Make sure, of course, that your pot has drainage holes. No need to “fill” the bottom with gravel, styrofoam peanuts or any other “drainage” material. That’s what the holes are for, and your filler will take valuable soils space away from your rose. The larger the pot, the more holes that are needed. Four holes at least for a 20 gallon pot, up to eight for a 30 gallon pot. Whiskey and oak wine barrels will often have drainage holes, but will often “weep” also. Side holes are best, if your holes are on the bottom you might want to raise the pot a bit with shims so the excess water can drain away easier. The only reason to put anything in the bottom of your container is to add weight to keep a tall plant, a climber on a pillar for example, from blowing over. Use an inch of builders sand if you are concerned about a windy location.
Never use garden soil in your planters. Garden soil, or top soil, is very heavy, compacts easily and does not drain well. Use a good quality potting soil. Or mix your own with one third potting soil, one third aged compost, and one third composted manure. Add one cup perlite to improve drainage. You may also want to add to your purchased or mixed soil one cup of bone meal. Blood meal or fishmeal may be added to increase nutrients.
You should replace the soil every three years or so. Roses are very heavy feeders and will deplete the soil nutrients, fertilizer will not make up the difference. They may also be a build up of soluble salts from the fertilizer after a few years. This is also a good time to root prune if the plant is becoming root bound. Simply trim back the roots, new ones will be replaced quickly.
Planting a Rose
When planting a rose in a container, the bud union should be at or just above the soil line. The rose will grow more vigorously if the bud union is not below the soil line. If you plan to overwinter your rose outside in a cold climate, the bud union should be just below the soil line.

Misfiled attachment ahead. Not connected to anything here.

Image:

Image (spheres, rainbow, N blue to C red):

Fill the container about two thirds with prepared soil. Create a soil mound in the center and place the rose over it, spreading the roots out carefully. Fill with more soil and tamp the soil by pressing firmly, but gently with flat hands around the roots. Continue filling the container and tamp lightly until the soil has reached the desired level of the bud union. Ideally when you finish the soil will be fully to the top of the pot. The soil will settle substantially with the first watering, and will continue to settle over time. Cover the soil with spanish moss or other mulching material to prevent soil splash when you water. Now completely saturate the soil until water runs from the drainage holes. Use a light flow so as not to displace the mulch and create deep depressions in the soil. The soil should be saturated slowly.
Water and Fertilizer
Regular watering and fertilizing will be critical to the health of your rose. Insufficient watering or over watering will also result in inferior blooms. Soil that dries out and becomes overheated (a dark colored plastic pot will accelerate the heating of the soil) will also result in inferior blooms.
Expect to water your container every week, saturating the soil until water runs from the drainage holes. Watering should be adjusted according to weather conditions. Poke your finger into the soil about an inch. If it feels dry, water. If it is still moist, do not water yet. Fertilize every week with a water soluble fertilizer mixed at one fourth the recommended strength. It is very easy to “burn” container plants with heavy doses of fertilizer. In the ground, there is a lot of soil to dilute heavy fertilizations.
Winterizing Container Roses
Winter conditions in any zone are unpredictable. As a rule, your potted roses and rose trees should be kept in an environment above 25 degrees F, and ideally at 40 degrees, but not above 40-50 degrees or they will not go dormant. Keep this in mind as you select a method to overwinter your container rose. And do NOT prune roses in fall or growth will be encouraged. Wait until very early spring when still dormant.